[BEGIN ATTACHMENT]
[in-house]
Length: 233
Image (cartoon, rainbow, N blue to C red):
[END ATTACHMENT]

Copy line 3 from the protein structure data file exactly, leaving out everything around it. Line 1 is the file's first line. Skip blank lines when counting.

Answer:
Image (cartoon, rainbow, N blue to C red):